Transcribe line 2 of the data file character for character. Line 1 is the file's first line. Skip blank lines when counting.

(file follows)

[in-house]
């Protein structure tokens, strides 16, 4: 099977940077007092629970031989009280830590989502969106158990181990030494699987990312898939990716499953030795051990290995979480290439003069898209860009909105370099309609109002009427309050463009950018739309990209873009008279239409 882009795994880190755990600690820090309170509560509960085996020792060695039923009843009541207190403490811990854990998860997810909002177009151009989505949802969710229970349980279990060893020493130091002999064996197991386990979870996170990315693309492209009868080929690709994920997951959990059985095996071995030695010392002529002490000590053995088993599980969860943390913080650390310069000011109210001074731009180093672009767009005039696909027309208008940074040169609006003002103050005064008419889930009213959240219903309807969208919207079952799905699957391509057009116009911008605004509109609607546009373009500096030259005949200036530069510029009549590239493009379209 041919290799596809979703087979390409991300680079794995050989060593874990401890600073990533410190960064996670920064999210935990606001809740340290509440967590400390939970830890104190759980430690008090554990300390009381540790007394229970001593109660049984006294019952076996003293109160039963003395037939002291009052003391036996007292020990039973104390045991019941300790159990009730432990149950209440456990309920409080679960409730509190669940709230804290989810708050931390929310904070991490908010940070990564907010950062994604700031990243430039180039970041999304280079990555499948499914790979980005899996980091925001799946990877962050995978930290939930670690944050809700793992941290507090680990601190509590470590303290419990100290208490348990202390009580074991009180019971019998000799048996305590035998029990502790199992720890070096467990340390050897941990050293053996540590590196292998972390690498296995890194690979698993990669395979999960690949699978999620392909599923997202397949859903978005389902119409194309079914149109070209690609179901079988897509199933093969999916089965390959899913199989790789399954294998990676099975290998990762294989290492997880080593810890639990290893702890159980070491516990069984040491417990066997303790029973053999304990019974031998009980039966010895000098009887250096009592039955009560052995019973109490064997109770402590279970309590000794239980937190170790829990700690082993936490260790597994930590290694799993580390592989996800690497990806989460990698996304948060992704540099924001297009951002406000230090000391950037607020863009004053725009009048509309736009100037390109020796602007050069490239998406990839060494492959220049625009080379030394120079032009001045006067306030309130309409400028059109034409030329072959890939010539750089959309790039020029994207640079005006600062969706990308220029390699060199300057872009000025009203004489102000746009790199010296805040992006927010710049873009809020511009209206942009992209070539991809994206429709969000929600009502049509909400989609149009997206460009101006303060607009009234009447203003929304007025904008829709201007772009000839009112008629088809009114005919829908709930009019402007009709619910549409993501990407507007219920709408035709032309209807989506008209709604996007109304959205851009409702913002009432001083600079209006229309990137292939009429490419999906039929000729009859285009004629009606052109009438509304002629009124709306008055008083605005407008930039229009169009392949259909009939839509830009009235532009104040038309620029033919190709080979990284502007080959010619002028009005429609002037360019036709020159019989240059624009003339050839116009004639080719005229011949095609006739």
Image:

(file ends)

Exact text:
């Protein structure tokens, strides 16, 4: 099977940077007092629970031989009280830590989502969106158990181990030494699987990312898939990716499953030795051990290995979480290439003069898209860009909105370099309609109002009427309050463009950018739309990209873009008279239409 882009795994880190755990600690820090309170509560509960085996020792060695039923009843009541207190403490811990854990998860997810909002177009151009989505949802969710229970349980279990060893020493130091002999064996197991386990979870996170990315693309492209009868080929690709994920997951959990059985095996071995030695010392002529002490000590053995088993599980969860943390913080650390310069000011109210001074731009180093672009767009005039696909027309208008940074040169609006003002103050005064008419889930009213959240219903309807969208919207079952799905699957391509057009116009911008605004509109609607546009373009500096030259005949200036530069510029009549590239493009379209 041919290799596809979703087979390409991300680079794995050989060593874990401890600073990533410190960064996670920064999210935990606001809740340290509440967590400390939970830890104190759980430690008090554990300390009381540790007394229970001593109660049984006294019952076996003293109160039963003395037939002291009052003391036996007292020990039973104390045991019941300790159990009730432990149950209440456990309920409080679960409730509190669940709230804290989810708050931390929310904070991490908010940070990564907010950062994604700031990243430039180039970041999304280079990555499948499914790979980005899996980091925001799946990877962050995978930290939930670690944050809700793992941290507090680990601190509590470590303290419990100290208490348990202390009580074991009180019971019998000799048996305590035998029990502790199992720890070096467990340390050897941990050293053996540590590196292998972390690498296995890194690979698993990669395979999960690949699978999620392909599923997202397949859903978005389902119409194309079914149109070209690609179901079988897509199933093969999916089965390959899913199989790789399954294998990676099975290998990762294989290492997880080593810890639990290893702890159980070491516990069984040491417990066997303790029973053999304990019974031998009980039966010895000098009887250096009592039955009560052995019973109490064997109770402590279970309590000794239980937190170790829990700690082993936490260790597994930590290694799993580390592989996800690497990806989460990698996304948060992704540099924001297009951002406000230090000391950037607020863009004053725009009048509309736009100037390109020796602007050069490239998406990839060494492959220049625009080379030394120079032009001045006067306030309130309409400028059109034409030329072959890939010539750089959309790039020029994207640079005006600062969706990308220029390699060199300057872009000025009203004489102000746009790199010296805040992006927010710049873009809020511009209206942009992209070539991809994206429709969000929600009502049509909400989609149009997206460009101006303060607009009234009447203003929304007025904008829709201007772009000839009112008629088809009114005919829908709930009019402007009709619910549409993501990407507007219920709408035709032309209807989506008209709604996007109304959205851009409702913002009432001083600079209006229309990137292939009429490419999906039929000729009859285009004629009606052109009438509304002629009124709306008055008083605005407008930039229009169009392949259909009939839509830009009235532009104040038309620029033919190709080979990284502007080959010619002028009005429609002037360019036709020159019989240059624009003339050839116009004639080719005229011949095609006739």